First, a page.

The US has a high reading literacy rate at 98% of the population over age 15, but ranks below average in science and mathematics understanding compared to other developed countries. In 2008, there was a 77% graduation rate from high school, which was below that of most developed countries. The good news is that a lot of talent at the local, state, and national level has been focused on improving the public K-12 school system as well as the higher education system in this country.
Many charity-run programs seek to improve students’ educational achievement, as well as their rates of high school graduation and college enrollment. Such programs, if effective, have the potential to substantially improve students’ lives by expanding their potential career choices and increasing their earning potential.
Learn more: Promise Academy Charter Middle School in Harlem's Children Zone, Success for All Grades K-2
Source: Coalition for Evidence-Based Policy
Charities run many education-focused programs, including:
We invited experts to recommend nonprofits working on literacy, school readiness, school reform, the achievement gap, human capital, instructional improvement, curricular content development, lowperforming schools turnarounds, data, standards and assessments, after school programming, summer programming, parental involvement, and more. Types of nonprofits could include research, policy, advocacy, training, traditional nonprofits or community based organizations, the traditional after-school kind of nonprofits/CBOs, or even the public/charter schools themselves.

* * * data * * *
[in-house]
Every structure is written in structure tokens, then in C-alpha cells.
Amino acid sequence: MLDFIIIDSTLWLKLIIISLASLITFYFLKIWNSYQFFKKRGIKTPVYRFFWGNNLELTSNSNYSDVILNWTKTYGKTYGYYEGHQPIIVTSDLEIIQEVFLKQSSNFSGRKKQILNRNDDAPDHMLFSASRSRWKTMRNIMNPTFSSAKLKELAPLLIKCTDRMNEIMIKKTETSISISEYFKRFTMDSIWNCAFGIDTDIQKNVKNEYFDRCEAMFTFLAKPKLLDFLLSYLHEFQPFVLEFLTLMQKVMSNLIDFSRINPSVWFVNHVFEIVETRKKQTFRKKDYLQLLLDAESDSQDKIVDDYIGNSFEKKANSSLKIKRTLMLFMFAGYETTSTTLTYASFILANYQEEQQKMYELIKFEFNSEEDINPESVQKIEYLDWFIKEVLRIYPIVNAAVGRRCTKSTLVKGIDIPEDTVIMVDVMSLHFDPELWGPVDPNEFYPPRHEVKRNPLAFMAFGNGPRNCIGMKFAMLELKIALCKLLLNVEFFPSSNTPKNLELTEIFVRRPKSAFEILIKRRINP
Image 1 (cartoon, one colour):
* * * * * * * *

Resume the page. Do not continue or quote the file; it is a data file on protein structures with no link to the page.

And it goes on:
Charities offer a wide variety of activities and services, such as: tutoring, teacher training, school reform, and after school programs.
Education has a history of well-funded, reasonable-seeming programs that have failed to show impact according to the best available analysis.
Donors should ask about the track record of the general kind of program a charity is running, particularly as measured by high-quality studies such as randomized controlled trials. Many programs have shown positive effects in low-quality studies but smaller/no effects in high-quality studies.
Donors should also ask about how a charity tracks its effect on student performance, and compares its programs to any similar programs that may have worked well in the past.
Charities in this area tend to measure their impact on academic performance: attendance, test scores, graduation rates, etc. It is particularly rare that they can show impact on longer-term, more meaningful indicators such as career earnings. Nonetheless, donors should inquire about these issues.
In 2008, we ran our research to identify high-impact education nonprofits working at the national level. Two years later, we have now re-run the research and are releasing these results. We surveyed 103 national education experts (with an average of 21 years of work experience in the field) to identify those organizations that were making the biggest impact. These experts (funders, researchers, nonprofit senior staff, government officials, etc .) identified 13 top education nonprofits (out of 154 total reviewed nonprofits) working on the national level.
While programs focused on education have the potential to produce meaningful improvements in students’ lives, only a few are backed by strong evidence of sizable, sustained effects on important outcomes. Many programs are backed by preliminary evidence – for example, studies showing effects on intermediate outcomes such as children’s ability to sound out words or their intentions to stay in school. However, donors should recognize that when such programs are evaluated in more definitive studies with longer-term follow-up, these preliminary effects too often do not translate into sustained effects on more important outcomes, such as reading comprehension or high school graduation. Donors should ask about the evidence supporting the effectiveness of a specific program a charity is running -- particularly whether there are rigorous studies, such as well-conducted randomized controlled trials, showing sizable, sustained effects on students’ lives.
*Identified as having the most impact at the national level by Philanthropedia's 103 sector experts with an average of 21 years of experience in the education field.
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